|Name: _________________________||Period: ___________________|
This test consists of 5 short answer questions, 10 short essay questions, and 1 (of 3) essay topics.
Short Answer Questions
1. In Chapter 1 of Book II, to whom does the "writer" pass the baton?
2. How many marchers does the New York Times suggest will be at the Pentagon protest in Chapter 5?
3. Who is waiting her Mailer when he arrives at booking in Occoquan at the end of Chapter 5?
4. In Chapter 5, what is Mailer's assessment of the mistake the Revolutionary Contingent made during the march?
5. What is the stated goal of the March, as articulated by the Steering Committee in Chapter 3?
Short Essay Questions
1. What bad news greets Mailer when he returns to New York in Chapter 11?
2. How does Mailer determine it is time to get arrested at the end of Chapter 5?
3. How does Dick Fontaine figure into the events of this section?
4. What fracas does Mailer get into in Chapter 2?
5. What conclusion does Mailer draw from two articles at the end of Chapter 6?
6. Describe the several movements the arrested marchers have to make in this section?
7. Why is the Vietnam War fought, according to Mailer in Chapter 7?
8. How is the crowd becoming unruly in Chapter 4?
9. What comic episode happens when Mailer is getting changed for his arraignment in Chapter 8?
10. How does the tone of the novel shift dramatically at the beginning of Book II?
Write an essay for ONE of the following topics:
Essay Topic 1
Mailer the narrator and historian makes a point of arguing that both the MP's and the marchers are saddened by the violence evoked by the protest. Write an essay analyzing the way Mailer dramatizes the events, giving even-handed account of both sides of the police line. What examples does he give of sensitive and professional MP's? How does he explain the logic behind their brutality and their shame at having committed it? Conversely, how is the violence legally unjustified? How does it result in terror and wild paranoia among the marchers? Is that its intent?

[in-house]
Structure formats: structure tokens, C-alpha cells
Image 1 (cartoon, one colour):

Essay Topic 2
Write an essay about the novel's placement as a work of narrative non-fiction. How is the friction between the literary qualities of the novel and its documentary qualities central to the work's aesthetic? What steps does Norman Mailer take to ensure that Armies of the Night is a work of literary bravado? How does he then undermine these literary conventions by pointedly choosing to invoke a historical tone in the latter passages? What sort of dynamic does this create for the reader?
Essay Topic 3
Mailer's novel is a powerfully eloquent evocation of the pain, passion, and hard realities surrounding the 1967 March on the Pentagon, but it is peppered with instances of his being unable to adequately express his feelings about America, protest and the war. Write an essay, detailing three instances in which Mailer is fantastically ineffective in explaining himself to crowds or the press? How does he explaining this iniquity? What does he feel when he soberly understands media reaction to his words? Sum up the essay with a discussion of how the novel Armies of the Night is, in part, his attempt to right these failures.
This section contains 1,070 words
(approx. 4 pages at 300 words per page)